Multimodel ensemble simulations of present-day and near-future tropospheric...

Stevenson, D. S., F. J. Dentener, M. G. Schultz, K. Ellingsen, T. P. C. van Noije, O. Wild, G. Zeng, M. Amann, C. S. Atherton, N. Bell, D. J. Bergmann, I. Bey, T. Butler, J. Cofala, W. J. Collins, R. G. Derwent, R. M. Doherty, J. Drevet, H. J. Eskes, A. M. Fiore, M. Gauss, D. A. Hauglustaine, L. W. Horowitz, I. S. A. Isaksen, M. C. Krol, J.-F. Lamarque, M. G. Lawrence, V. Montanaro, J.-F. Müller, G. Pitari, M. Prather, J. A. Pyle, S. Rast, J. Rodriguez, M. G. Sanderson, N. H. Savage, D. Shindell, S. Strahan, K. Sudo, and S. Szopa (2006), Multimodel ensemble simulations of present-day and near-future tropospheric ozone, J. Geophys. Res., 111, D08301, doi:10.1029/2005JD006338.

Global tropospheric ozone distributions, budgets, and radiative forcings from an ensemble of 26 state-of-the-art atmospheric chemistry models have been intercompared and synthesized as part of a wider study into both the air quality and climate roles of ozone. Results from three 2030 emissions scenarios, broadly representing ‘‘optimistic,’’ ‘‘likely,’’ and ‘‘pessimistic’’ options, are compared to a base year 2000 simulation. This base case realistically represents the current global distribution of tropospheric ozone. A further set of simulations considers the influence of climate change over the same time period by forcing the central emissions scenario with a surface warming of around 0.7K. The use of a large multimodel ensemble allows us to identify key areas of uncertainty and improves the robustness of the results. Ensemble mean changes in tropospheric ozone burden between 2000 and 2030 for the 3 scenarios range from a 5% decrease, through a 6% increase, to a 15% increase. The intermodel uncertainty (±1 standard deviation) associated with these values is about ±25%. Model outliers have no significant influence on the ensemble mean results. Combining ozone and methane changes, the three scenarios produce radiative forcings of -50, 180, and 300 mW m-2, compared to a CO2 forcing over the same time period of 800–1100 mW m-2. These values indicate the importance of air pollution emissions in short- to medium-term climate forcing and the potential for stringent/lax control measures to improve/worsen future climate forcing. The model sensitivity of ozone to imposed climate change varies between models but modulates zonal mean mixing ratios by ±5 ppbv via a variety of feedback mechanisms, in particular those involving water vapor and stratosphere-troposphere exchange. This level of climate change also reduces the methane lifetime by around 4%. The ensemble mean year 2000 tropospheric ozone budget indicates chemical production, chemical destruction, dry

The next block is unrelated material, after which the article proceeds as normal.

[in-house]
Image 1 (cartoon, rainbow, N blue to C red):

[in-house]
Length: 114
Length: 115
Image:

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Atmospheric Composition Modeling and Analysis Program (ACMAP)
Modeling Analysis and Prediction Program (MAP)